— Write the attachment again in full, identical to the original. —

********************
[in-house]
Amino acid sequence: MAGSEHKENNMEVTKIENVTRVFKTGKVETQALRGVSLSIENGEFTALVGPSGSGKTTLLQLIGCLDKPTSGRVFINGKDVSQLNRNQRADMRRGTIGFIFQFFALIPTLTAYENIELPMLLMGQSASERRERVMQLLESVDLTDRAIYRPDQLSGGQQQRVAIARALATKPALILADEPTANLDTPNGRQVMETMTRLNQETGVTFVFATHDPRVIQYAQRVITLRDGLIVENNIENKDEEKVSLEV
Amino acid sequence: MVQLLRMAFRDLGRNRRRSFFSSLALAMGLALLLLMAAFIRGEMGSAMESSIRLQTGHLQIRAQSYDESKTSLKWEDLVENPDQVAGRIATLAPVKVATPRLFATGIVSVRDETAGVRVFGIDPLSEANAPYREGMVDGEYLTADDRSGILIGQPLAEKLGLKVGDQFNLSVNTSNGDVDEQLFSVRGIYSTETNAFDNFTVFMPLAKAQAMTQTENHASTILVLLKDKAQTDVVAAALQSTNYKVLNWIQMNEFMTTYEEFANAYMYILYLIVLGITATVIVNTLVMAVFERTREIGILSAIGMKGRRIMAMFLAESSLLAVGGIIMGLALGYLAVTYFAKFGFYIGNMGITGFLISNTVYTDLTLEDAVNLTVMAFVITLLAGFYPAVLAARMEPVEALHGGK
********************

[in-house]
Amino acid sequence: MAGSEHKENNMEVTKIENVTRVFKTGKVETQALRGVSLSIENGEFTALVGPSGSGKTTLLQLIGCLDKPTSGRVFINGKDVSQLNRNQRADMRRGTIGFIFQFFALIPTLTAYENIELPMLLMGQSASERRERVMQLLESVDLTDRAIYRPDQLSGGQQQRVAIARALATKPALILADEPTANLDTPNGRQVMETMTRLNQETGVTFVFATHDPRVIQYAQRVITLRDGLIVENNIENKDEEKVSLEV
Amino acid sequence: MVQLLRMAFRDLGRNRRRSFFSSLALAMGLALLLLMAAFIRGEMGSAMESSIRLQTGHLQIRAQSYDESKTSLKWEDLVENPDQVAGRIATLAPVKVATPRLFATGIVSVRDETAGVRVFGIDPLSEANAPYREGMVDGEYLTADDRSGILIGQPLAEKLGLKVGDQFNLSVNTSNGDVDEQLFSVRGIYSTETNAFDNFTVFMPLAKAQAMTQTENHASTILVLLKDKAQTDVVAAALQSTNYKVLNWIQMNEFMTTYEEFANAYMYILYLIVLGITATVIVNTLVMAVFERTREIGILSAIGMKGRRIMAMFLAESSLLAVGGIIMGLALGYLAVTYFAKFGFYIGNMGITGFLISNTVYTDLTLEDAVNLTVMAFVITLLAGFYPAVLAARMEPVEALHGGK